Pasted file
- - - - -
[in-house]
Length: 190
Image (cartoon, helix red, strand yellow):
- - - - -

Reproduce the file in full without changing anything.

[in-house]
Length: 190
Image (cartoon, helix red, strand yellow):